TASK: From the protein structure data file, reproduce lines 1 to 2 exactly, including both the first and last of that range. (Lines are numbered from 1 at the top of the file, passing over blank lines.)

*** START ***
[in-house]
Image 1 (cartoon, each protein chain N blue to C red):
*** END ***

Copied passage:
[in-house]
Image 1 (cartoon, each protein chain N blue to C red):